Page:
Volunteer group of American veterans rescue hundreds of at-risk Afghans in secret operation

The special forces vets began venturing outside of the U.S. military-controlled perimeter around Hamid Karzai International Airport, defying orders from the Biden administration to rescue colleagues and those who are vulnerable trapped in Kabul. 

Volunteer group of American veterans rescue hundreds of at-risk Afghans in secret operation
U.S. Department of Defense
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American veterans of the United States special forces have “secretly rescued” hundreds of members of Afghanistan’s Special Forces and their families in recent days — allies who had been “left for dead” by the Biden administration. 

As reported by the Daily Mail on Friday, the operation, codenamed “Pineapple Express,” involved a “group of special op soldiers including retired Green Berets and SEAL Team commanders” who were inspired to take matters into their own hands “after one of the Afghan commandos they served with contacted them to say he was on the run from the Taliban. His visa had not been approved when the Taliban took over on August 14 and thousands ran for the airport.”

“The special ops soldiers first devised a system with US troops at the airport where they sent their comrades to a gate and told them to identify themselves with the password ‘pineapple’ to be put on a plane by the Marines on the ground. Some also showed the troops pictures of pineapples on their phones,” the outlet continued.

After rescuing their former colleagues out of the war-torn country, the special forces vets began venturing outside of the U.S. military-controlled perimeter around Hamid Karzai International Airport, defying orders from the Biden administration to rescue colleagues and those who are vulnerable trapped in Kabul. 

“Moving after nightfall in near-pitch black darkness and extremely dangerous conditions, the group said it worked unofficially in tandem with the United States military and U.S. embassy to move people, sometimes one person at a time, or in pairs, but rarely more than a small bunch, inside the wire of the U.S. military-controlled side of Hamid Karzai International Airport,” ABC News added.

“As of Thursday morning, the group said it had brought as many as 500 Afghan special operators, assets and enablers and their families into the airport in Kabul overnight, handing them each over to the protective custody of the U.S. military,” the outlet wrote.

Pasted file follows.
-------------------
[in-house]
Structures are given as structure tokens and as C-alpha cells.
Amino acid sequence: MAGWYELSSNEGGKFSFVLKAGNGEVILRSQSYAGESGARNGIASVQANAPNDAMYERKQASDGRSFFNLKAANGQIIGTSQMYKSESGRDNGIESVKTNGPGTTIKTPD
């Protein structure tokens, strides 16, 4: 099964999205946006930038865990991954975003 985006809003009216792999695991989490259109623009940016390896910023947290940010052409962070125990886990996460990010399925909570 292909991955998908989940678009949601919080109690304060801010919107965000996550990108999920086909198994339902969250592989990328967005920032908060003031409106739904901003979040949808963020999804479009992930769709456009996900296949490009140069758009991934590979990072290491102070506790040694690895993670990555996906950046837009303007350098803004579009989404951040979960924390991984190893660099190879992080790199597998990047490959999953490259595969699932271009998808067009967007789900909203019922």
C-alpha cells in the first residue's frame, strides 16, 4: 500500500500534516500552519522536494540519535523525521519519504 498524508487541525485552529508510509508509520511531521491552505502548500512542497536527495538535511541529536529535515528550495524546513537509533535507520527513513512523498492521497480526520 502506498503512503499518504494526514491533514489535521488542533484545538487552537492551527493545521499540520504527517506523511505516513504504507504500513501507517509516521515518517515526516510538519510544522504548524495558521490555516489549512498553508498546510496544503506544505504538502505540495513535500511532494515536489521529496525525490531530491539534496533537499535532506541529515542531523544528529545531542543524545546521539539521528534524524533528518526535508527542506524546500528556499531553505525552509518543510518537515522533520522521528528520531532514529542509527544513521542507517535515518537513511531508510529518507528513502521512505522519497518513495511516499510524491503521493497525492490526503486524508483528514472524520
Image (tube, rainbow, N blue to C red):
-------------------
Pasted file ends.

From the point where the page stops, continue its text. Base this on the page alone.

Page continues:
The operation came to be known following a terrorist attack that ripped through Kabul on Thursday, leaving at least 110 dead, including 13 U.S. servicemen. 

The explosion reportedly affected some of the “Pineapple Express” evacuees, but it is not yet known if any have been killed by the blast. 

“Dozens of high-risk individuals, families with small children, orphans, and pregnant women, were secretly moved through the streets of Kabul throughout the night and up to just seconds before ISIS detonated a bomb into the huddled mass of Afghans seeking safety and freedom,” task force founder Col. Scott Mann, a former Green Beret, said.

Those who assisted in the Task Force Pineapple efforts to save U.S. allies knowingly defied orders from President Biden, with Mann saying the Biden administration demanded they stay within airport walls, reportedly over President Joe Biden’s fear of a “Black Hawk Down” moment.

“This Herculean effort couldn’t have been done without the unofficial heroes inside the airfield who defied their orders to not help beyond the airport perimeter, by wading into sewage canals and pulling in these targeted people who were flashing pineapples on their phones,” Mann said.

“With the uniformed U.S. military unable to venture outside the airport’s perimeter to collect Americans and Afghans who’ve sought U.S. protection for their past joint service, they instead provided overwatch and awaited coordinated movements by an informal Pineapple Express ground team that included “conductors” led by former Green Beret Capt. Zac Lois, known as the underground railroad’s ‘engineer,'” ABC News reported.

Lois told ABC that he was proud of and astounded by the effort of the servicemen. 

“That is an astounding number for an organization that was only assembled days before the start of operations and most of its members had never met each other in person,” he said.

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  • By Ezra Levant

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